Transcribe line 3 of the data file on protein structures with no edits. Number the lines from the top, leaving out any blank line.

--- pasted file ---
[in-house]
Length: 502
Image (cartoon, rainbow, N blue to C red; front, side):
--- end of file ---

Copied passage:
Image (cartoon, rainbow, N blue to C red; front, side):